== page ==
Nuns disappearing from the Catholic school system

It’s a phenomenon that’s been developing for a while. Now, the Norfolk Daily News in Nebraska takes note of what’s happening in their corner of the country:

Twenty-five years ago, having a nun for a teacher or principal was as common to Catholic schools as daily prayer.

Few were better at building morals and character, challenging students to consider the world beyond the classroom or reminding them that tucking in one’s shirt was a rule that civilized people followed.

With a shortage of nuns, however, there are fewer Catholic schools that have them as instructors.

Guardian Angels Central Catholic in West Point is one of the exceptions. Parents and teachers appreciate the presence of Sister Joellen Kohlmann in the school.

“I think it is important to have sisters be part of your faculty and present in your school whenever possible,” said Matt Richardson, principal at Guardian Angels Central Catholic High School.

“For many years, the nun — the habit — the sister — was synonymous with Catholic schools,” he said. “I think there’s a degree of living your faith that they can share with the kids —things that often times we as lay people may not right away think about. We are very fortunate that we still have Sister Joellen on faculty.”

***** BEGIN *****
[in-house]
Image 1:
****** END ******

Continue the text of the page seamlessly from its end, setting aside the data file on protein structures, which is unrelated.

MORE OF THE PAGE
Kohlmann teaches religion at the school, which is believed to be the only one in the Archdiocese of Omaha that has nuns or priests teach all the religion classes in junior high school and high school. The archdiocese extends from Omaha through much of Northeast and North Central Nebraska.

Justin Yosten, a junior, said his father and uncles were taught by nuns and he knows from talking to them that many of them are strict.

“It’s kind of old fashioned,” he said. “You don’t want to mess around in front of a nun because they will set you straight.”

Blake Hass, a senior, said having a nun gives students a deeper insight to their faith, which is one of the main reasons students choose to attend Catholic schools.

“They’ve been living the faith their whole lives,” he said. “Nobody knows our faith more than a nun or a priest living the faith.”

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